The 'spacecraft' in which Europeans Diego Urbina and Romain Charles, Russians Alexey Sitev, Sukhrob Kamolov and Alexandr Smoleevskiy and China's Wang Yue have spent the past 520 days is just 180 square metres in size. During a real flight to Mars, the team on board the spacecraft would be able to work together without major conflicts. The cosmonauts wore radio sensors on their bodies twice a week, enabling Bernd Johannes from the DLR Institute of Aerospace Medicine to monitor the group dynamic. The sensors provided information on how often, for how long and at what intervals individual crewmembers were in contact with one another. The conclusion so far: "There was no isolation in the isolation chamber." Each cosmonaut had at least a minimum amount of social contact; nobody was excluded from the group or withdrew from it. "We found a pleasant and unexpected feeling of harmony among the crew. The structure of the relationship between crewmembers remained relatively stable throughout the mission." But, as Italian Diego Urbina explained over the loudspeaker in the control room in the days before exiting the spacecraft, there were still things that they longed for during their isolation in the virtual spacecraft: "Of course, I will be delighted to see my family and friends again," he explained, "But I have also missed seeing unfamiliar faces and getting to appreciate other viewpoints."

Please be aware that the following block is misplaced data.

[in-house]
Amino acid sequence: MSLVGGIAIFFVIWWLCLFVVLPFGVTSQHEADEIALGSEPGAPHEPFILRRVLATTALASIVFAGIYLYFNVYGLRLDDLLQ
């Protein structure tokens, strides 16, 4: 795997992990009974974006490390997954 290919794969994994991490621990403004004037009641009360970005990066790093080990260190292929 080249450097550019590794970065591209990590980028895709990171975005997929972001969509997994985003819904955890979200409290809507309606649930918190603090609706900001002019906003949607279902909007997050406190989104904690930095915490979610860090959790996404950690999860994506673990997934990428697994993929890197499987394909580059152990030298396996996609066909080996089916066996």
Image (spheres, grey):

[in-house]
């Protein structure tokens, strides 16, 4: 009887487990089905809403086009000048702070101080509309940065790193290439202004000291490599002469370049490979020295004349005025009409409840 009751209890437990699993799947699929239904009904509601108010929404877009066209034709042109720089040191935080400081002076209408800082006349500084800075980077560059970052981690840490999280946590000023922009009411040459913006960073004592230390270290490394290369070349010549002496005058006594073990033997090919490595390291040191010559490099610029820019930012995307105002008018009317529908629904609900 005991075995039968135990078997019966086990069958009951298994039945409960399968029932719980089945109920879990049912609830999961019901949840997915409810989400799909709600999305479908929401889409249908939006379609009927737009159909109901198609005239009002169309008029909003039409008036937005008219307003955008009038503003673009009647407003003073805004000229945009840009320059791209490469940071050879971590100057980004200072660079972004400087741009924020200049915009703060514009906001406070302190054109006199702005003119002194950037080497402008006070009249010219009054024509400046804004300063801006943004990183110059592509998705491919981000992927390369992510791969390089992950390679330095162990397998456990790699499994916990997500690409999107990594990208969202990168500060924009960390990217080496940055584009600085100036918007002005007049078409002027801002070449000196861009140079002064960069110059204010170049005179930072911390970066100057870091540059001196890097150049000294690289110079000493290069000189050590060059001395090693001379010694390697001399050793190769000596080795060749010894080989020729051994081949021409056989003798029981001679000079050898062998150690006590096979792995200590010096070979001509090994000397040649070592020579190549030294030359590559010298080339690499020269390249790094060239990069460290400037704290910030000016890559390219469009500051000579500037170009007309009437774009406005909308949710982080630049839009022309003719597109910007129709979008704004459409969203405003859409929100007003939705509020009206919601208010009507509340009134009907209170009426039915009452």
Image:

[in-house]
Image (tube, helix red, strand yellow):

Another critical issue for a real flight to Mars is the growth of microorganisms inside the spacecraft; DLR scientists have been researching this in the MICHA experiment. The test subjects took hundreds of air and surface swipe samples in the living and work areas, in the infirmary and in the sanitation facilities. No microorganisms dangerous to humans have been found among those discovered so far. Increased formation of biofilms on structural elements inside the spacecraft (metals and polymers) and on components in the life support system (water tanks and air filters) has been found. This could present a risk for the crew of a long-term space mission, both in terms of potential infection and in terms of damage that might lead to the malfunction of important instruments.

Stress and isolation